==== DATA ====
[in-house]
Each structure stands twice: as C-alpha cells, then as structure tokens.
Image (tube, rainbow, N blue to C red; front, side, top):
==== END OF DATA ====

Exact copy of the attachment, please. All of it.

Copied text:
[in-house]
Each structure stands twice: as C-alpha cells, then as structure tokens.
Image (tube, rainbow, N blue to C red; front, side, top):